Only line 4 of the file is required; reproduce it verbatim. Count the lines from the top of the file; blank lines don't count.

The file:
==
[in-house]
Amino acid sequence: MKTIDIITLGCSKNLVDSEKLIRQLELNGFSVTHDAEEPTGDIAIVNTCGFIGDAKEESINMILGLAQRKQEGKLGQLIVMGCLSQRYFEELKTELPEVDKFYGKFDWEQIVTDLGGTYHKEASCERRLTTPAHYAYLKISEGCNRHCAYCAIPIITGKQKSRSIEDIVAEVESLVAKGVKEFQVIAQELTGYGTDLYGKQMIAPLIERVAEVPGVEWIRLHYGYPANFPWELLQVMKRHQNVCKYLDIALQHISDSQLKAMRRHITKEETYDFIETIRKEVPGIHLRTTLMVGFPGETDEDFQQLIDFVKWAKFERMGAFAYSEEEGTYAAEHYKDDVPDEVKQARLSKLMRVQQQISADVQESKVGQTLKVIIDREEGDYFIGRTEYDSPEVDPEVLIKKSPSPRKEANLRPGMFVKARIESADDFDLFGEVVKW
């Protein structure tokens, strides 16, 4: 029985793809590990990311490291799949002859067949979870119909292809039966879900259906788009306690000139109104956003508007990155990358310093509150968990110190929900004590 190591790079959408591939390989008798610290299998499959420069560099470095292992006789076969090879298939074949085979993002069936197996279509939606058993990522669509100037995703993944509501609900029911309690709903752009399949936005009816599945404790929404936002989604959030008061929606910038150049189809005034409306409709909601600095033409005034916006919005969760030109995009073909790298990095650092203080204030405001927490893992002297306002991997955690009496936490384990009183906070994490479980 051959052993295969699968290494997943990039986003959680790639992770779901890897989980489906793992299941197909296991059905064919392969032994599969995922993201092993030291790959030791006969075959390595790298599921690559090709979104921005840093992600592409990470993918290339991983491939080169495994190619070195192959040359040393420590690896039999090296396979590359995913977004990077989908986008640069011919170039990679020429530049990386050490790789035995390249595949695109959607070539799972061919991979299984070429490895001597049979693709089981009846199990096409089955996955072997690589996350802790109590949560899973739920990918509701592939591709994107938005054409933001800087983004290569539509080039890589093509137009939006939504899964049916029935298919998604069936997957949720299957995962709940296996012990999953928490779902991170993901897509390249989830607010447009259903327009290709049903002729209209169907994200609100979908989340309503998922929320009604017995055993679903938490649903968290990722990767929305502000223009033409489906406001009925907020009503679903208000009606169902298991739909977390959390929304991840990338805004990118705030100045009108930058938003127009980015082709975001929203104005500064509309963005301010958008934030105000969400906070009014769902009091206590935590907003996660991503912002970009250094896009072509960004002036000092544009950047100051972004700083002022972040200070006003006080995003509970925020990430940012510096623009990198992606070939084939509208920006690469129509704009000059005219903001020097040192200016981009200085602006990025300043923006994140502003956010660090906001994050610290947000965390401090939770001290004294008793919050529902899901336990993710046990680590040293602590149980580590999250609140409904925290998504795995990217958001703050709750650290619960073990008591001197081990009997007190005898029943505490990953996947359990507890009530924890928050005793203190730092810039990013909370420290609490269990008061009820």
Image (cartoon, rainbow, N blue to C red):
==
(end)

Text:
Image (cartoon, rainbow, N blue to C red):